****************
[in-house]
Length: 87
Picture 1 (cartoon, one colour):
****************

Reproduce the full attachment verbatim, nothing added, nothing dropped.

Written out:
[in-house]
Length: 87
Picture 1 (cartoon, one colour):